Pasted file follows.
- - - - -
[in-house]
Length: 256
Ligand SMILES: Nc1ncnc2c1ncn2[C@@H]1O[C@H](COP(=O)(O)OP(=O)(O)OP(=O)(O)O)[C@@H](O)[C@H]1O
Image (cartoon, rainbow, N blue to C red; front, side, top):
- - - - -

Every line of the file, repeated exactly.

[in-house]
Length: 256
Ligand SMILES: Nc1ncnc2c1ncn2[C@@H]1O[C@H](COP(=O)(O)OP(=O)(O)OP(=O)(O)O)[C@@H](O)[C@H]1O
Image (cartoon, rainbow, N blue to C red; front, side, top):